College Basketball: “Running the Floor” with Greg Peterson

Louisville at Miami (8:00 p.m. ET on ESPN2)

Opening Line: Miami -3.5

Offensive Efficiency: Louisville #87, Miami #114

Defensive Efficiency: Louisville #23, Miami #9

Rebound Rate: Louisville #108, Miami #128

Percent of Shots are 3s: Louisville #231, Miami #259

Free Throw Shooting Percentage: Louisville #61, Miami #339

Pace: Louisville #101, Miami #228

Louisville and Miami are two teams that lack the explosiveness of other ACC offenses, but play some pretty sound defense.

Miami has been able to overcome some very poor free throw shooting to still be one of the better teams in college basketball. Things should be close to a stalemate on the glass with Louisville having a very slight edge, though Miami is a bit more efficient on defense.

These teams both take fewer 3-pointers than most others in college basketball with Louisville and Miami both going to their forwards in the paint for a good amount of offense. Clearly Louisville's big men shoot better at the free throw line than Miami's. These teams are similar, so whichever can execute its game plan at its preferred pace should earn the victory.

#19 Auburn at Missouri (9:00 p.m. ET on the SEC Network)

Opening Line: Missouri -2

Offensive Efficiency: Auburn #24, Missouri #51

Defensive Efficiency: Auburn #59, Missouri #54

Rebound Rate: Auburn #33, Missouri #25

Percent of Shots are 3s: Auburn #99, Missouri #40

Free Throw Shooting Percentage: Auburn #10, Missouri #18

Pace: Auburn #38, Missouri #300

This game will pit two teams that play at two extremely different paces. Auburn looks to run and gun, playing a lot of shootouts, while Missouri is one of the slower teams in the country, using its overall balance to win games. I’ve noticed that Missouri will play faster if it’s getting easy baskets. If the offense cannot get going, Missouri does a good job of slowing things down to keep an opponent's lead from ballooning.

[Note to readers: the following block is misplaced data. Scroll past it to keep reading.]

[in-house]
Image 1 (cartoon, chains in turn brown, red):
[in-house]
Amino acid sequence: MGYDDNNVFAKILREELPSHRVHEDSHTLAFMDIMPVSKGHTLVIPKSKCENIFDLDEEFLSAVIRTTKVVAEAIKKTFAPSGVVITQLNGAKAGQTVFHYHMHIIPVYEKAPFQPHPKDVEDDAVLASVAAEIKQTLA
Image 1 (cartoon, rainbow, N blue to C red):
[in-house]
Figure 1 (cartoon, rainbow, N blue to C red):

Despite playing at a slower pace than many teams, Missouri attempts a lot of 3-point shots. It’s the Princeton model, with the majority of its shots being either layups or 3s. Auburn can get away with falling behind quickly, as its fast pace allows it to overcome a deficit quickly. Auburn trailed by double-digits at halftime in three of its most recent four games, coming back to win all three of those contests.

If the game is close and comes down to free throws, whichever team has the lead should be in good shape. Both squads are among the top 20 in the country in free throw shooting percentage and are both fairly efficient offenses to start with.

Auburn is the more efficient offensive team, but Missouri has very slight edges in rebounding rate and defensive efficiency. Whichever team can control the pace should be in a good position to win and cover.